A live trap works best if you have a large property and can release the muskrats elsewhere on your land; otherwise, you will need to hire someone else to trap and relocate the muskrats. Any type of trap must be placed near a burrow or den entrance or along a commonly traveled run.

2. Fencing

Consider installing a fence to keep muskrats out of your yard or garden. This option also excludes other pests, like rabbits and groundhogs! A one-inch mesh is ideal, and the fence should be buried one to three feet deep to prevent muskrats from simply burrowing under it.

3. Repellent

Repellents for animal pests are often hit-or-miss, but they’re worth a try, especially in conjunction with other control methods. Just remember not to apply repellent near any traps! Try making your own spray by putting peppermint oil or a mixture of garlic powder and cayenne pepper in water. An old piece of clothing, shoes, or dog hair can also be a deterrent, as muskrats fear humans and predators. Any of these repellents will need to be reapplied regularly and after rain.

Motion-activated sprinklers are great electronic repellents. A sudden burst of water can scare the muskrats away, and sprinklers may deter other animal pests.

4. Riprap

Try riprapping with gravel or coarse stone to protect dams and pond banks from muskrat damage. Lay about six inches of gravel or coarse stone in a band extending one foot above and three feet below the water level. The gravel or stone makes digging difficult and uncomfortable and thus discourages burrowing.

5. Wire

Like riprap, wire along the bank will also prevent digging and burrowing. Use chicken wire or one- or two-inch galvanized wire. Line the banks with the wire, extending one foot above and three feet below the water, and secure it every few feet with landscape staples, hooks, or decorative boulders.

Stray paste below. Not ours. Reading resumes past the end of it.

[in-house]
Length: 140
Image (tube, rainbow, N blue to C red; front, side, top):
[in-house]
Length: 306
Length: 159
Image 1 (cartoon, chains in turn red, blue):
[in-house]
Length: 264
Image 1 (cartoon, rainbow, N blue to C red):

Remember that wire will eventually corrode in water, so it should not be used where people swim.

6. Drawdown

If partially draining the pond is a possibility, this can encourage the muskrats to move away. In the fall, lower the water level by two feet for the winter, exposing the entrance to the muskrats’ den. This leaves them vulnerable to predators. To keep the muskrats from returning, use riprap and/or wire (see numbers 4 and 5 above) to block the burrow and the surrounding bank. Note that any alterations to the pond will affect other wildlife as well.

Muskrats may be essential to their native ecosystems, but they can quickly become nuisance animals when overpopulated or encroach on our gardens. Combining two or three methods above can eliminate muskrats in your yard and garden and save delicate pond banks from damage.

how to get rid of muskrats in your yard.
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Serena Manickam is a freelance editor and writer and sustainable market gardener in rural Virginia. She holds a BA in environmental science and runs Fairydiddle Farm, a small market garden in which she grows no-spray produce and herbs to sell at a local farmer’s market.